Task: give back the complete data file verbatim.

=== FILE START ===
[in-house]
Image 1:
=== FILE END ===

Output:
[in-house]
Image 1: